{ WEB EXCLUSIVE—Gallery: Project CAT :: In September 2006, photographer Robert Hubner joined graduate students Hilary Cooley and Ben Maletzke on a trip to capture and collar a cougar kitten, with the help of students from the Cle Elum-Roslyn schools' Project CAT. }

Biology by the numbers:: In normal times, Europe's brown bears live in a state of happy equilibrium. But under certain circumstances, things can go seriously awry, leading the males to commit what researcher Robert Wielgus calls sexually selected infanticide. Wielgus's most powerful tool against this eventuality is math. by Cherie Winner

Hops & beer :: Raising the raw ingredients for beer can be just as complex and interesting as growing grapes for wine, says Jason Perrault '97, '01. Like grapes, hops have different varieties and characteristics. Perrault, fourth-generation heir to a hops-farming legacy, runs a hops breeding program for Yakima Valley growers, helping to ensure that Washington continues to provide three-quarters of the hops grown in this country. by Hannelore Sudermann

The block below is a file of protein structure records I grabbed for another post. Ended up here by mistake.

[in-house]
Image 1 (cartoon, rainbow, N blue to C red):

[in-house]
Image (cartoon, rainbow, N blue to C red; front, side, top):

Panoramas

:: World Class. Face to Face. It's not a slogan, it's a plan. President Rawlins shares some parting thoughts on the eve of his retirement.

:: Questioning the questions

:: Happy—and healthy—ever after

Departments

:: FOOD AND FORAGE: It's rhubarb pie time!

:: SPORTS: Baseball's my game

:: SPORTS: Hoop dreams

Tracking

Cover: V. Lane Rawlins steps down as WSU's ninth president, having given the University a stronger sense of itself and its role in the state. Read the story. Illustration by Steve O'Brien.

Panoramas
Even as they pursued their main careers, Cathy '68 and Leeon '68 Angel raised llamas for 16 years near Issaquah. They decided to forego livestock in their 'retirement' and now work double-time as the largest wholesale lavender growers around Sequim.